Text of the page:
Manufacturing

30 (55)

12 (20)

3 (12)

5 (14)

67 (54)

83 (48)

Construction

54 (69)

41 (51)

1 (2)

0 (6)

45 (55)

59 (59)

Wholesale, maintenance, repair

24 (37)

9 (17)

2 (7)

2 (12)

73 (48)

89 (43)

Retail

30 (41)

13 (27)

1 (2)

4 (6)

69 (51)

83 (43)

Transport and storage

27 (42)

8 (20)

4 (13)

6 (12)

70 (27)

86 (40)

Information/communciation

4 (15)

(1) (7)

(4) (19)

3 (16)

92 (26)

96 (20)

Finance and insurance

40 (81)

15 (57)

0 (2)

(0) (0)

60 (33)

85 (9)

Hotels, restaurants and other services

28 (40)

12 (26)

1 (3)

2 (6)

74 (37)

86 (35)

Healthcare and education

35 (54)

15 (30)

3 (10)

7 (23)

62 (58)

78 (53)

Business,scietific and other freelance services

16 (43)

13 (45)

1 (4)

1 (7)

82 (33)

86 (36)

Non-profit organisations

39 (53)

17 (28)

15 (12)

11 (13)

46 (59)

72 (44)

Public administration and social security

85 (89)

94 (83)

10 (9)

4 (16)

5 (61)

2 (96)

Total

30 (52)

17 (35)

2 (8)

3 (12)

67 (44)

80 (42)

Notes: Establishments with at least 20 employees; (X ) – poor validity of percentage share because of low figures.

Source: IAB Establishment Panel 2013.

Recent trends in works council coverage

The low works council coverage rate of establishments is due to the high number of small establishments without elected workplace representation; since the early 1990s, this has alternated between 9% and 12%. In 2013, some 9% of establishments in western Germany (2009: 10%) and 10% of those in eastern Germany (2009: 9%) had a works council. The authors found no long-term changes in the coverage of small establishments and only a slight decrease in the coverage of large establishments with more than 500 workers; however, they point out that there is a worrying downward trend in the coverage of establishments with between 51 and 500 workers.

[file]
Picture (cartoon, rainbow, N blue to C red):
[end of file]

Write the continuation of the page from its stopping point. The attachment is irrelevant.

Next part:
From 2009 to 2013, the proportion of employees having an elected workplace representation decreased from 45% to 43% in western Germany and from 38% to 35% in eastern Germany. The decline has been greatest in finance and insurance, in transport and logistics and in the construction sector in western Germany . In 2013, works council coverage of employees was most comprehensive in the energy, water, refuse and mining sector and lowest in construction and the information/communication.

Table 2: Works council coverage of establishments and employees, by sector, 2013 (%)

 

Establishments with works council

 

Employees with works council

 

Western Germany

Eastern Germany

Western Germany

Eastern Germany

Energy, water supply, refuse, mining

42

23

83

66

Manufacturing

16

11

69

48

Construction

3

3

16

19

Commerce 

9

8

29

23

Transport and storage

12

13

49

33

Information/communication

17

6

50

29

Financial services

27

19

70

62

Hotel and restaurant

3

8

14

17

Healthcare and education

11

14

44

51

Business, scientific and other freelance services

7

10

27

29

Total

9

10

43

35

Notes: Establishments with at least five employees.